I think FWB is often a way to hide wounds by setting up such low expectations that you can't be disappointed. Like, "Pick me up at 7....or whenever, whatever's good for you." If you take a stand and ask for what you want, you might not get it. But if you just sort of say, "I'm cool with whatever," then people aren't going to see you get hurt. Casual sex in the movies isn't new. It's just in the '80s, a stewardess would bang the guy and then leave—there wasn't pressure to be friends afterward. But I do see intimacy between them in a way, because they're opening up and talking about what they want and what they need. There are clear boundaries, which is important in intimacy. Intimacy is about two individuals who are solid in themselves opening up and inviting the other one in. It's not about devouring each other—that's not intimacy, that's enmeshment. Intimacy is about being vulnerable and saying, "Here's the soft part of my throat—I'm going to trust you. And you might hurt me, that's a reality that I'm aware of." It's not, "I'm showing you my throat and you better not hurt me—or else!"
There's a stereotype that girls enter friends with benefits arrangements to make a guy realize he can't live without her. It's a manipulation. Except what usually happens is the girl's feelings overwhelm her and she breaks away or pleads with him or says something like, "I'm in love with you, can't you see it?!" and that's the pressure to change. And he either leaves or he comes back and if he comes back, that's her fantasy—most romantic comedies are fantasies. And in reality, both parties frequently enter the relationship hoping to change the other...or hoping they'll never change beyond the fantasy. I don't think the movie is helpful because you don't see them working on the relationship. All you see is him coming to the realization that he wants to be with her and then he comes running and does a flash mob with her. Their second flash mob, because one wasn't enough.
Usually in relationships, it's clearer who is the avoidant and who is the pursuer. The pursuer or love addict moves forward, the distancer steps back, the pursuer moves forward again. And they're very happy to run in that hamster wheel. But Jamie and Dylan are both kind of ambivalent. They could definitely be drawn together in real life: when one is open, the other is a bit more shut off. You see them chasing each other, but they're never quite synced up. That's the intimacy disorder: you can't open up until the other person will reject you because you couldn't possibly tolerate them accepting you because then you'd actually have to deal with them and yourself. In the end, notice that he doesn't open up to her until she stops taking his calls. That's an old dynamic. It's not until the chick moves on that the guy realizes what he's been missing. And if you carry on past the credits, that happens over and over and over again every time they hit a hurdle. Should they move in together? Should they get married? Have a baby? It's the same pattern, unless they get a good therapist.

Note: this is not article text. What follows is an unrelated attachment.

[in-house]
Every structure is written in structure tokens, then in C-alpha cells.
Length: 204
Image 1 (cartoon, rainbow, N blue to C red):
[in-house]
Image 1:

There's a moment where they're watching a romantic comedy together and one of them says, "You never see what happens after the big kiss." I think Friends With Benefits is trying to be an inversion of that, but you still don't see what happens after the big ending. I am much more interested in seeing the negotiation of this relationship. How do two people who bring their own wounds into the relationship negotiate loving each other in spite of their differences? So many of us are children of divorce and didn't see our parents working things out and expressing their needs. Even people whose parents stayed together but never saw them fight about stuff. I think that they will continue to have a great sexual life, but it's going to be a struggle to be emotionally close. Sex is the dominant way they interact.
Suppose they came to me for therapy sometime after the big kiss and said, "We don't want to screw this up, what do we do?" I would want to know, if therapy worked out perfectly for them, what would be different in their relationship? What are their objectives? Their fears of abandonment are going to be the big one. Tolerating the fear of abandonment and staying present and not going into the old ways of dealing with feelings through escapism, workaholism, or disassociated sex. I would talk a lot about family of origin: I'd explain why it makes perfect sense that they deal with their feelings the way that they do, given a mom who abandoned dad because he had Alzheimers, or a mother who has her own intimacy problems and wasn't nourishing, wasn't able to be constant or stable for her daughter. And I'm guessing there are generations behind them that set things up to play out the way that they do.
Couples do what they do even before you ask them explicitly what the problem is. They act out, as if on a stage, exactly what brings them to therapy. I can imagine with this couple, she might reach for her wallet to pay and he'll be like, "You're always trying to unman me by paying for the session! Why don't you let me pay for once?" And she'll say, "I make three times as much as you—why wouldn't you let me pay for it?" And then we could talk about how she tries to control him by emasculating him because she can't bear the thought of him leaving her. But they're young and elastic. They probably won't end up together, but they'll learn new things for the next round.
Caroline Frost, MFT, is a licensed Marriage Family Therapist and specializes in intimacy disorders like sex and love addiction and relationship dysfunction. She sees individuals and couples in private practice in the Beverly Hills/West Hollywood area. She also specializes in treating creative populations.
For a free phone consultation, call 323-839-3707, or email firstname.lastname@example.org. For more info, visit www.carolinefrost.com or follow @LoveWellTherapy on Twitter.